When “Just Right” Is Not Right

Pushing back against austerity in Toronto

Mehedi Khan and Douglas Young

Published in Issue 1.1 // Updates

Keywords: Toronto; austerity; social housing; revitalization; multi-scalar


In Toronto, selected social housing communities are being ‘revitalized’ in partnership with the private sector. This move is widely embraced by policymakers, politicians and social service agencies all of whom applaud its utility in transforming neighbourhoods of concentrated poverty into mixed-income communities. However, residents and community groups criticize this form of top-down neoliberal governance as regulating the morality of space. We explore here the met and unmet demands of residents of three social housing communities targeted for revitalization in Toronto, and highlight resident wins and losses and share lessons for housing activists involved in other similar situations.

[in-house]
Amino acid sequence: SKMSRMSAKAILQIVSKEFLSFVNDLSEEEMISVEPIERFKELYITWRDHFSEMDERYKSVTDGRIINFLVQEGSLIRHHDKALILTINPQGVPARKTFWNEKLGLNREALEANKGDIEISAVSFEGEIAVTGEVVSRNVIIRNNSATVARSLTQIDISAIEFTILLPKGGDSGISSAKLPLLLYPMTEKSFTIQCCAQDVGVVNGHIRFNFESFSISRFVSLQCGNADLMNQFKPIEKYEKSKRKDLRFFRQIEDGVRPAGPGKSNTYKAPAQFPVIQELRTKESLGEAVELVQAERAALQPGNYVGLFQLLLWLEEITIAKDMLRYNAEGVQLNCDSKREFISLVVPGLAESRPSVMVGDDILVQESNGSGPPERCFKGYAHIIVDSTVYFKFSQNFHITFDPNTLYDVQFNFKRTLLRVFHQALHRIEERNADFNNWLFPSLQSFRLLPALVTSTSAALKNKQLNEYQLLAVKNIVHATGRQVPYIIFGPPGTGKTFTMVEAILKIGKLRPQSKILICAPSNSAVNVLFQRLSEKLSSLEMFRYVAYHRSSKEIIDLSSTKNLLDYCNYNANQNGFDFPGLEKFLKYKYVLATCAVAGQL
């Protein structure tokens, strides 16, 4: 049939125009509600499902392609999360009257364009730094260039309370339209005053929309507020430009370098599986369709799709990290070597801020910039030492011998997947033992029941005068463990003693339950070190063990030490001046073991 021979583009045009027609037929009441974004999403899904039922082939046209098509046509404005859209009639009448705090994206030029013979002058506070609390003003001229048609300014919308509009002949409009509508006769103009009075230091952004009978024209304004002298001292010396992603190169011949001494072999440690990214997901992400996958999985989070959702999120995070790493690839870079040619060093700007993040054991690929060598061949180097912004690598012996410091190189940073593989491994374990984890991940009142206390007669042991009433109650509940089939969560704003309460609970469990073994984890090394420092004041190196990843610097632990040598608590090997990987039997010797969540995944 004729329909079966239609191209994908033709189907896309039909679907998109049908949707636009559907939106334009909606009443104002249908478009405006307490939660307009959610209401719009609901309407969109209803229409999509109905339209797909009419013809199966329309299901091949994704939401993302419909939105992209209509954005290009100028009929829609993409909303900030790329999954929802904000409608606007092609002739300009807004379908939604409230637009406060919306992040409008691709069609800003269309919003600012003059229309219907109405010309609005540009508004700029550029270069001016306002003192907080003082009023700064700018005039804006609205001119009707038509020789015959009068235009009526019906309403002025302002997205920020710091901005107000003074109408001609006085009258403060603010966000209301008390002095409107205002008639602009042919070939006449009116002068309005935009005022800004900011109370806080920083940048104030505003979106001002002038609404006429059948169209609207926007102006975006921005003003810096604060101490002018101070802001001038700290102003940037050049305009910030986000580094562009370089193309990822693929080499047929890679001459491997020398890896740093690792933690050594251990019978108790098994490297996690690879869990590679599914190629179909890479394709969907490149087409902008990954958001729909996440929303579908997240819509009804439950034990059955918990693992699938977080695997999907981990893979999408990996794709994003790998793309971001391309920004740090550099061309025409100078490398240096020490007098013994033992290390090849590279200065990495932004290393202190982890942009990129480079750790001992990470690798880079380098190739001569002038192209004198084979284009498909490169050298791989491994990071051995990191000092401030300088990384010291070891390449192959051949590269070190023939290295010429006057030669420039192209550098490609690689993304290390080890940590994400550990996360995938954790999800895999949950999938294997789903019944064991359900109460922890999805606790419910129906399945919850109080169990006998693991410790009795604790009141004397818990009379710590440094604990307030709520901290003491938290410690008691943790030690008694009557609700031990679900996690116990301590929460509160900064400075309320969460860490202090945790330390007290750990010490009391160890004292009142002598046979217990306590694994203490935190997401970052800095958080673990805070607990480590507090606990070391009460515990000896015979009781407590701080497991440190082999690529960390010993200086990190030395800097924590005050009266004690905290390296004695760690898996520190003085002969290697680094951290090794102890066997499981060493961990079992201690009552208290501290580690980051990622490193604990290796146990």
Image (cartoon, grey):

We see this provocation as part of a multi-scalar push back against austerity in housing. Specifically, while the 2008 crisis did not directly affect Canadian housing, it did play a role in solidifying austerity-as-common-sense as the over-arching frame of neoliberal governance at the local, provincial and national scales. As the examples in this article underscore, this has had significant and damaging impacts on hegemonic housing policy, with government action on housing being strategically limited in ambition.


Mehedi Khan is a Masters candidate at York University’s Faculty of Environmental Studies and Douglas Young is an Associate Professor at York University in the Department of Social Science.

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